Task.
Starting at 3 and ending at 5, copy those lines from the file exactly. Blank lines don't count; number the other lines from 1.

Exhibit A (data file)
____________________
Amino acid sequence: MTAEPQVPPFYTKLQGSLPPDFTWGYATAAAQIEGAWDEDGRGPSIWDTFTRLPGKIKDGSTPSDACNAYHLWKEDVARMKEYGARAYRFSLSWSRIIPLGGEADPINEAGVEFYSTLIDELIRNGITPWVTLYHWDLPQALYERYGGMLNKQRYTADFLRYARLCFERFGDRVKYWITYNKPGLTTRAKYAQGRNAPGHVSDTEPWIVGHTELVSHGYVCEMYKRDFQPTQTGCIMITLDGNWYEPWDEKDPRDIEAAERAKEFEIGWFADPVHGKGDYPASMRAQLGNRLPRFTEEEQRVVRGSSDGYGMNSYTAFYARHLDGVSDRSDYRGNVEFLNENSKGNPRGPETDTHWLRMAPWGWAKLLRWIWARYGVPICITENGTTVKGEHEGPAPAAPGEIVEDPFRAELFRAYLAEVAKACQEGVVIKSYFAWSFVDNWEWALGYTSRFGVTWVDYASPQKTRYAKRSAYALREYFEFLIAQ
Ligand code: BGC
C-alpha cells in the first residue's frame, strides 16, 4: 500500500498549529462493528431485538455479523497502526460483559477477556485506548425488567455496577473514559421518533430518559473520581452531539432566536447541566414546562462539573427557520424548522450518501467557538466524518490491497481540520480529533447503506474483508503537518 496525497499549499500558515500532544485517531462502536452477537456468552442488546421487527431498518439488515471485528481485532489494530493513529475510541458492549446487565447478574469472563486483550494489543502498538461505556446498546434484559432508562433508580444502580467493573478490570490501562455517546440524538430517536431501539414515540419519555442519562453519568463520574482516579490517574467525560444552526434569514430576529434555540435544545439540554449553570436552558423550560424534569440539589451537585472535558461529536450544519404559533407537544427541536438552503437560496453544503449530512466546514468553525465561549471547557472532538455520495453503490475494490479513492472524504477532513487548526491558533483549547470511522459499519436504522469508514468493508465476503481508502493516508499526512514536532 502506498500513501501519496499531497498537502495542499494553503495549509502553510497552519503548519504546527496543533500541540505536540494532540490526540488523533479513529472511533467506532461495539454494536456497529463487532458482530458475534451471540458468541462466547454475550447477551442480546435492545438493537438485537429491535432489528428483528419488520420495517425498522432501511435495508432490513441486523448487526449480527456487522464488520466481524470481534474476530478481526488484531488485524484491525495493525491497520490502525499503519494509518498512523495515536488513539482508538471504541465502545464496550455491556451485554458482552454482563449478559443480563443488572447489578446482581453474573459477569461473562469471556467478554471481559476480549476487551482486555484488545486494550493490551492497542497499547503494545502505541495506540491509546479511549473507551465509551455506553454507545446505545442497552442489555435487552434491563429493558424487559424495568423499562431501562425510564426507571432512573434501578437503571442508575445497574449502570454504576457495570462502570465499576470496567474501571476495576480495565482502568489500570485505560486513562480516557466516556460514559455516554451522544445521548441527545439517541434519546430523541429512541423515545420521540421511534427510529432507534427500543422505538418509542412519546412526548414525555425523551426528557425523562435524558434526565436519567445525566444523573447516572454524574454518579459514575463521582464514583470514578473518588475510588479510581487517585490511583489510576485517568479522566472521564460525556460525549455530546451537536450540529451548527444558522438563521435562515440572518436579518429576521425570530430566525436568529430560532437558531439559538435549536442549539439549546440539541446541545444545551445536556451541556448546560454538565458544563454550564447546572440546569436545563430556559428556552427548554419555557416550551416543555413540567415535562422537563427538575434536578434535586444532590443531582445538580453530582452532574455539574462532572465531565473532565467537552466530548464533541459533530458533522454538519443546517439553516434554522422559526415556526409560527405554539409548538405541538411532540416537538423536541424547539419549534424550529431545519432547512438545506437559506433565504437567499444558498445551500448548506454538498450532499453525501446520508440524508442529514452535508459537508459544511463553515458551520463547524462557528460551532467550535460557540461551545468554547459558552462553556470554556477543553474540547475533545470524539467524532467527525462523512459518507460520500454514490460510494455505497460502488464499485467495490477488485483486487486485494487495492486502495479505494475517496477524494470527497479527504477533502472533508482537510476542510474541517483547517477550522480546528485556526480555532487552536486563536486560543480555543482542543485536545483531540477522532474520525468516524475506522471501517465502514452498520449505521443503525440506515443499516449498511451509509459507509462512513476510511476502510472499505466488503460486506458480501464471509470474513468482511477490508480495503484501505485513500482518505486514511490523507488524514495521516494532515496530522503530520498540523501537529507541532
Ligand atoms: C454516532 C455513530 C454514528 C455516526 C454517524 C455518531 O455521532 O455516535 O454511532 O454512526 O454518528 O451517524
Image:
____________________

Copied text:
C-alpha cells in the first residue's frame, strides 16, 4: 500500500498549529462493528431485538455479523497502526460483559477477556485506548425488567455496577473514559421518533430518559473520581452531539432566536447541566414546562462539573427557520424548522450518501467557538466524518490491497481540520480529533447503506474483508503537518 496525497499549499500558515500532544485517531462502536452477537456468552442488546421487527431498518439488515471485528481485532489494530493513529475510541458492549446487565447478574469472563486483550494489543502498538461505556446498546434484559432508562433508580444502580467493573478490570490501562455517546440524538430517536431501539414515540419519555442519562453519568463520574482516579490517574467525560444552526434569514430576529434555540435544545439540554449553570436552558423550560424534569440539589451537585472535558461529536450544519404559533407537544427541536438552503437560496453544503449530512466546514468553525465561549471547557472532538455520495453503490475494490479513492472524504477532513487548526491558533483549547470511522459499519436504522469508514468493508465476503481508502493516508499526512514536532 502506498500513501501519496499531497498537502495542499494553503495549509502553510497552519503548519504546527496543533500541540505536540494532540490526540488523533479513529472511533467506532461495539454494536456497529463487532458482530458475534451471540458468541462466547454475550447477551442480546435492545438493537438485537429491535432489528428483528419488520420495517425498522432501511435495508432490513441486523448487526449480527456487522464488520466481524470481534474476530478481526488484531488485524484491525495493525491497520490502525499503519494509518498512523495515536488513539482508538471504541465502545464496550455491556451485554458482552454482563449478559443480563443488572447489578446482581453474573459477569461473562469471556467478554471481559476480549476487551482486555484488545486494550493490551492497542497499547503494545502505541495506540491509546479511549473507551465509551455506553454507545446505545442497552442489555435487552434491563429493558424487559424495568423499562431501562425510564426507571432512573434501578437503571442508575445497574449502570454504576457495570462502570465499576470496567474501571476495576480495565482502568489500570485505560486513562480516557466516556460514559455516554451522544445521548441527545439517541434519546430523541429512541423515545420521540421511534427510529432507534427500543422505538418509542412519546412526548414525555425523551426528557425523562435524558434526565436519567445525566444523573447516572454524574454518579459514575463521582464514583470514578473518588475510588479510581487517585490511583489510576485517568479522566472521564460525556460525549455530546451537536450540529451548527444558522438563521435562515440572518436579518429576521425570530430566525436568529430560532437558531439559538435549536442549539439549546440539541446541545444545551445536556451541556448546560454538565458544563454550564447546572440546569436545563430556559428556552427548554419555557416550551416543555413540567415535562422537563427538575434536578434535586444532590443531582445538580453530582452532574455539574462532572465531565473532565467537552466530548464533541459533530458533522454538519443546517439553516434554522422559526415556526409560527405554539409548538405541538411532540416537538423536541424547539419549534424550529431545519432547512438545506437559506433565504437567499444558498445551500448548506454538498450532499453525501446520508440524508442529514452535508459537508459544511463553515458551520463547524462557528460551532467550535460557540461551545468554547459558552462553556470554556477543553474540547475533545470524539467524532467527525462523512459518507460520500454514490460510494455505497460502488464499485467495490477488485483486487486485494487495492486502495479505494475517496477524494470527497479527504477533502472533508482537510476542510474541517483547517477550522480546528485556526480555532487552536486563536486560543480555543482542543485536545483531540477522532474520525468516524475506522471501517465502514452498520449505521443503525440506515443499516449498511451509509459507509462512513476510511476502510472499505466488503460486506458480501464471509470474513468482511477490508480495503484501505485513500482518505486514511490523507488524514495521516494532515496530522503530520498540523501537529507541532
Ligand atoms: C454516532 C455513530 C454514528 C455516526 C454517524 C455518531 O455521532 O455516535 O454511532 O454512526 O454518528 O451517524
Image: